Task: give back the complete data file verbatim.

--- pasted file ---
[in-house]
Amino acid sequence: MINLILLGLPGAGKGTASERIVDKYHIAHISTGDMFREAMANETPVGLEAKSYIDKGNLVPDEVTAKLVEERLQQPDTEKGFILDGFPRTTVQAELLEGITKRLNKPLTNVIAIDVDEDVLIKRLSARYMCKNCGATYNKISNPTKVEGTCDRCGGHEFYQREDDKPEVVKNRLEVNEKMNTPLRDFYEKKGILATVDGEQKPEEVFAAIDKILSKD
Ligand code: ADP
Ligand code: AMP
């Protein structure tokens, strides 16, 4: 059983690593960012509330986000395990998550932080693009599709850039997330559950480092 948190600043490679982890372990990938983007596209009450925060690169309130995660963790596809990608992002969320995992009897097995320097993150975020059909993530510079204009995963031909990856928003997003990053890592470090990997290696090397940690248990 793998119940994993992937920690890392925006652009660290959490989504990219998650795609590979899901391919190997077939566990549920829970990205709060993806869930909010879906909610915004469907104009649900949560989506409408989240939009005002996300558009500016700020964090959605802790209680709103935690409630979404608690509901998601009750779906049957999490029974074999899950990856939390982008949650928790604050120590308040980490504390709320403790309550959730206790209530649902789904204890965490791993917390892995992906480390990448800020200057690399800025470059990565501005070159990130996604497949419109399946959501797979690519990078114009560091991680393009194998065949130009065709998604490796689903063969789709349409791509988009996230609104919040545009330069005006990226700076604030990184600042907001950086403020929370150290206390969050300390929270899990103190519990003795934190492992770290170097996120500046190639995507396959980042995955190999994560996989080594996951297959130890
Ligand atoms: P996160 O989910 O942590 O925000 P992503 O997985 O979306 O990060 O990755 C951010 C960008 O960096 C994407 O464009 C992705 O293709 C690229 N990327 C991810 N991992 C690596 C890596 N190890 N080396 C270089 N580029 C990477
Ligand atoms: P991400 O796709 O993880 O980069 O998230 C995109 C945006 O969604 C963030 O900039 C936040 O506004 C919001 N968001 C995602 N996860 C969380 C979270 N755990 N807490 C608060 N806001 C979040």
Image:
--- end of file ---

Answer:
[in-house]
Amino acid sequence: MINLILLGLPGAGKGTASERIVDKYHIAHISTGDMFREAMANETPVGLEAKSYIDKGNLVPDEVTAKLVEERLQQPDTEKGFILDGFPRTTVQAELLEGITKRLNKPLTNVIAIDVDEDVLIKRLSARYMCKNCGATYNKISNPTKVEGTCDRCGGHEFYQREDDKPEVVKNRLEVNEKMNTPLRDFYEKKGILATVDGEQKPEEVFAAIDKILSKD
Ligand code: ADP
Ligand code: AMP
């Protein structure tokens, strides 16, 4: 059983690593960012509330986000395990998550932080693009599709850039997330559950480092 948190600043490679982890372990990938983007596209009450925060690169309130995660963790596809990608992002969320995992009897097995320097993150975020059909993530510079204009995963031909990856928003997003990053890592470090990997290696090397940690248990 793998119940994993992937920690890392925006652009660290959490989504990219998650795609590979899901391919190997077939566990549920829970990205709060993806869930909010879906909610915004469907104009649900949560989506409408989240939009005002996300558009500016700020964090959605802790209680709103935690409630979404608690509901998601009750779906049957999490029974074999899950990856939390982008949650928790604050120590308040980490504390709320403790309550959730206790209530649902789904204890965490791993917390892995992906480390990448800020200057690399800025470059990565501005070159990130996604497949419109399946959501797979690519990078114009560091991680393009194998065949130009065709998604490796689903063969789709349409791509988009996230609104919040545009330069005006990226700076604030990184600042907001950086403020929370150290206390969050300390929270899990103190519990003795934190492992770290170097996120500046190639995507396959980042995955190999994560996989080594996951297959130890
Ligand atoms: P996160 O989910 O942590 O925000 P992503 O997985 O979306 O990060 O990755 C951010 C960008 O960096 C994407 O464009 C992705 O293709 C690229 N990327 C991810 N991992 C690596 C890596 N190890 N080396 C270089 N580029 C990477
Ligand atoms: P991400 O796709 O993880 O980069 O998230 C995109 C945006 O969604 C963030 O900039 C936040 O506004 C919001 N968001 C995602 N996860 C969380 C979270 N755990 N807490 C608060 N806001 C979040």
Image: